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19 July 2019
Organized by the Wyanet Community Club, the Wyanet Summer Festival Car Show was the first car show in many years held in conjunction with the annual festival. It attracted more than 50 entries, according to Scott Heller of the Wyanet Community Club, who along with his wife, Tina, oversaw the show. “They’ve had it previously, but it’s the first time that it’s been back for quite a while,” Heller said. “We did have a good turnout. We’re pleasantly surprised.”
More than 50 cars were entered in Saturday’s car show held in conjunction with the Wyanet Summer Festival. Here’s the story behind one of those cars:
The car: A 1957 Ford Fairlane 500 Sunliner convertible, with a 312 Thunderbird Special V8 engine and a three-speed manual transmission.
The owner: Curt Johnson of Wyanet.
The story: Curt Johnson and his late wife bought the car in 1976 from someone who lived east of Princeton. The car had been customized with black paint and a flame job on the fenders, bucket seats and a four-speed transmission. They stored the car for years, Johnson said, until a guy came along and offered a lot of money to buy it.
“We declined selling it, but it got us to thinking that if we’re ever going to do this, we better do it. It’s been restored about 12 years, I guess,” Johnson said.
That restoration features a red-and-white two-tone paint job, shiny chrome bumpers and a restored interior.
Johnson said he and his wife “had a lot of fun with it.”
The car reminds Johnson, a 1964 high school graduate, of other ’57 Fords he owned as a young man. “I tore up a few of these, back then,” he said with a smile.
The car gets about 18 miles per gallon, “cruises just fine,” and there’s another attractive attribute: “When I open the hood on that, everything I see, I know what it is, what it does, and how to work on it. These new ones, if you don’t have an elaborate computer setup, you can’t begin to work in it.”
The car “doesn’t even know there is winter” because Johnson keeps it covered and inside a garage during cold weather.
“If we get a nice day in winter, I’ll start it up and back it out and let it run a little bit. Other than that, it hibernates,” he said.
Any regrets? “The one thing, it is a little hard to park because it doesn’t have power steering,” Johnson said. “The parts car I had did have power steering, and I found myself wishing that I’d put it on this one.”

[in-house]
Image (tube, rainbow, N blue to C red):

PRINCETON — The Princeton man accused of striking a wounded shooting victim with a baseball bat on May 7 in Hillview Trailer Park entered into a plea deal in Bureau County Circuit Court on Tuesday during his pretrial hearing.
Nick Hand, 35, pleaded guilty to aggravated battery, a Class 3 felony. In return, he will serve two years in Illinois Department of Corrections, which is the minimum sentence time for a Class 3 felony. He will have to pay $1,649 in court fees and restitution and is required to undergo substance abuse treatment, as he was under the influence of a substance when he committed the crime.
Hand has served 70 days in the county jail since being arrested for the offense as he was not able to post 10 percent of his $50,000 bond. He receives credit toward his prison sentence for those days served.
During Tuesday’s hearing, which went before Bureau County Circuit Judge Marc Bernabei, Bureau County State’s Attorney Geno Caffarini read witness statements that would have been given if Hand’s case went to trial.
The statements came from the victim, a neighbor of the Hand home, and James Hand, the father of Nick Hand.
From those statements, it is understood that the victim in this case, who was a Peoria man, came to the Hand home in Hillview Trailer Park in the early morning hours of May 7 looking for his girlfriend, whom Caffarini later explained, was also in a relationship with Hand and has two children with him.
James Hand answered the door and was unsure who the man was and did not realize Nick Hand’s girlfriend was in the home. James Hand told police the man made threats and did not leave the home when he was asked to, so he went inside and grabbed his shotgun. After another exchange of words, James Hand told police the shotgun accidentally discharged and struck the victim in the thigh. Caffarini said the court cannot dispute this claim and the fact that James Hand was defending his own property, which is the reason why he was never charged in this case.
When the victim was shot, Nick Hand took a wooden baseball bat and struck him multiple times in the body and head, which resulted in a skull fracture and the need for stitches. The victim was treated at Perry Memorial Hospital and OSF St. Francis in Peoria.
A neighbor of the Hand home told police he looked out his window when he heard the gunshot and witnessed Nick Hand striking the victim in his body and head multiple times.
Following Hand’s plea, he was given the floor in court to make a statement. He apologized to the court, to Bureau County Public Defender Mick Henneberry and said he “wanted to come back a better man and be there for his children.”
This is not Hand’s first conviction. He carries a 2015 federal conviction for conspiracy to manufacture methamphetamine and multiple Bureau County convictions between 2001 and 2012, including theft, retail theft, driving under the influence and reckless driving.
Reuters National News
19 July 2019
FBI documents unsealed on Thursday suggest that Donald Trump was actively involved in engineering a hush-money payment shortly before the 2016 election to a porn actress who said she had a sexual encounter with him, as his personal lawyer Michael Cohen, campaign team and others scrambled to head off a scandal.
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